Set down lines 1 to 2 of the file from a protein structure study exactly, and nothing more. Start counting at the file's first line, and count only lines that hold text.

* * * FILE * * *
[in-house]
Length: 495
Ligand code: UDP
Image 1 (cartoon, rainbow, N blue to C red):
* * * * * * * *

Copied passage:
[in-house]
Length: 495